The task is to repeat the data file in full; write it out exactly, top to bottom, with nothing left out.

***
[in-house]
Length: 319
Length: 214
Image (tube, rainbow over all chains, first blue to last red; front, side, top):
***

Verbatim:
[in-house]
Length: 319
Length: 214
Image (tube, rainbow over all chains, first blue to last red; front, side, top):